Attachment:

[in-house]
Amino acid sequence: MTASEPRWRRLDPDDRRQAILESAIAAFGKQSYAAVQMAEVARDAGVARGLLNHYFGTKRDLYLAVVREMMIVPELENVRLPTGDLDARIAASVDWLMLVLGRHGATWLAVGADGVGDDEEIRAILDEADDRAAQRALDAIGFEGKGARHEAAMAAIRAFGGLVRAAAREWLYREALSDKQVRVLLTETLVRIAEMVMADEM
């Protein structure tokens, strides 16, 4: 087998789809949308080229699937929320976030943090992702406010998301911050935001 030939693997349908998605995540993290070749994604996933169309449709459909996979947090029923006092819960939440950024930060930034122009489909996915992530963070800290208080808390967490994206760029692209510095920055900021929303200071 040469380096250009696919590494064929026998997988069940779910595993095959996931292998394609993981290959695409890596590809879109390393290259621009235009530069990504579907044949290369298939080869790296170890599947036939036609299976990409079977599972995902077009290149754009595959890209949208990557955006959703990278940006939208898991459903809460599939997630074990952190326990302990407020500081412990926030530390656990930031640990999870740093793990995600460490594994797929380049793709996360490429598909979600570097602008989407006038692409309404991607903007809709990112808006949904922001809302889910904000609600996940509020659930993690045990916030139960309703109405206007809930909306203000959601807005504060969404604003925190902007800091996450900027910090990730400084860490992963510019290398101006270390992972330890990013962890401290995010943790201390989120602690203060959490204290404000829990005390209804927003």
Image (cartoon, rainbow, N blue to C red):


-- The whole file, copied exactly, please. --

[in-house]
Amino acid sequence: MTASEPRWRRLDPDDRRQAILESAIAAFGKQSYAAVQMAEVARDAGVARGLLNHYFGTKRDLYLAVVREMMIVPELENVRLPTGDLDARIAASVDWLMLVLGRHGATWLAVGADGVGDDEEIRAILDEADDRAAQRALDAIGFEGKGARHEAAMAAIRAFGGLVRAAAREWLYREALSDKQVRVLLTETLVRIAEMVMADEM
């Protein structure tokens, strides 16, 4: 087998789809949308080229699937929320976030943090992702406010998301911050935001 030939693997349908998605995540993290070749994604996933169309449709459909996979947090029923006092819960939440950024930060930034122009489909996915992530963070800290208080808390967490994206760029692209510095920055900021929303200071 040469380096250009696919590494064929026998997988069940779910595993095959996931292998394609993981290959695409890596590809879109390393290259621009235009530069990504579907044949290369298939080869790296170890599947036939036609299976990409079977599972995902077009290149754009595959890209949208990557955006959703990278940006939208898991459903809460599939997630074990952190326990302990407020500081412990926030530390656990930031640990999870740093793990995600460490594994797929380049793709996360490429598909979600570097602008989407006038692409309404991607903007809709990112808006949904922001809302889910904000609600996940509020659930993690045990916030139960309703109405206007809930909306203000959601807005504060969404604003925190902007800091996450900027910090990730400084860490992963510019290398101006270390992972330890990013962890401290995010943790201390989120602690203060959490204290404000829990005390209804927003």
Image (cartoon, rainbow, N blue to C red):